Valesky Barosy — online, at least — was living the high-life in Miami: driving an exotic Lamborghini, posing on a private jet, boasting an Instagram account with over 110,000 followers.
His touted himself as an immigrant success story, arriving from Haiti a decade ago, working his way up from a menial job at Walmart to “regional vice president” of a credit repair company that purportedly racks up “$3.6 million in sales.”
But in reality, federal authorities say, the 27-year-old Barosy and his cohorts were ripping off taxpayers, fraudulently securing $2.1 million in loans to buy the peak Miami status symbols: a Lamborghini Huracán EVO, Rolex and Hublot watches, and designer clothing from Louis Vuitton, Gucci and Chanel.
A federal grand jury has now indicted Barosy on charges of wire fraud, money laundering and aggravated identity theft. The indictment was unsealed Wednesday as Barosy made his first appearance in a Fort Lauderdale federal court.
Barosy is being held in federal detention. His defense attorney did not return a call seeking comment on Wednesday.
The Payroll Protection Program, or PPP, was created in 2020 to help businesses decimated following shutdowns caused by the rapid spread of the coronavirus. The program allowed for the loans to be forgiven, if borrowers followed criteria laid out by the Small Business Administration, or SBA.
As the nation’s No. 1 fraud capital, South Florida has led the financial crime wave that followed the passage of the CARES Act, according to federal prosecutors.
In South Florida, that’s included a businessman using PPP money to buy a $318,000 Lamborghini, a nurse alleged to have lied about his business to get $474,000 that was used in part to pay a Mercedes-Benz lease and child support, and a North Miami suburban couple that claimed to be farmers to qualify for $1 million in relief benefits.
This month, two Florida men pleaded guilty to helping arrange over $35 million in PPP loans. The ring also netted the conviction of former NFL player Joshua Bellamy, who was sentenced to more than three years in prison for wire-fraud conspiracy.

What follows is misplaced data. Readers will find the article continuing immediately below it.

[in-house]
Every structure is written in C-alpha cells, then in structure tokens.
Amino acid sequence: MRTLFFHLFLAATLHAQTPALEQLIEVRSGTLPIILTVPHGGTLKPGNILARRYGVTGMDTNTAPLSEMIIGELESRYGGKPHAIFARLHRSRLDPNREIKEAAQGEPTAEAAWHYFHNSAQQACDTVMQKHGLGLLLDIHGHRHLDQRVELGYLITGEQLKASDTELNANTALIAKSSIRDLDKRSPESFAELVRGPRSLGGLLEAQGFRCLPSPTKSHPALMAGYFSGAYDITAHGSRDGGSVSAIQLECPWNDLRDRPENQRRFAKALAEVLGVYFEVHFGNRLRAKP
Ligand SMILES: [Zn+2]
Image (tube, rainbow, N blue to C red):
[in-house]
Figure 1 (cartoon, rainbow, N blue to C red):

As for Barosy, according to the indictment, he was the president of a company known as VBarosySolutions Inc., or VBS.
For various loans, per the feds, Barosy dummied up prior-year expenses, net profit, and payroll, and submitted bogus IRS tax forms to secure the payments, which were then used to buy the Lambo, the watches and the clothes.
He wasn’t bashful about flaunting his wealth.
On Instagram, he posed often with the white Lambo, pitching himself as a mentor who could inspire — and enrich. “It’s not the Lamborghini or the million dollar home that will inspire the world but the trials and tribulations you overcame,” he wrote in one post.
Although the details are nebulous, his online bios tout Barosy as a “7 Figure Entrepreneur” complete with all the 2021 buzz words: “NFT Creator, Marketing, e-commerce,” and vaguely boasts having appeared on ABC, Fox News and “Miami News.”
“How This Haitian Entrepreneur Went From Walmart To Disrupting The Multi-Million Dollar Credit Repair Industry,” blared the headline of one “press release.”
Additionally, he boasts being part of Financial Education Services Inc. — a company described by Georgia’s Attorney General as an “illegal credit repair business” that uses “unlawful and deceptive practices in their multi-level marketing structure.”
The company in 2019 agreed to pay a $1.75 million fine to the state of Georgia over its practices. The company appears to now go by the name United Wealth Education.
The investigation was headed by the U.S. Secret Service. Assistant U.S. Attorney Jonathan Bailyn is prosecuting the case, while federal prosecutor Nicole Grosnoff will oversee efforts to seize his ill-gotten goods. Barosy faces up to 132 years in prison if convicted.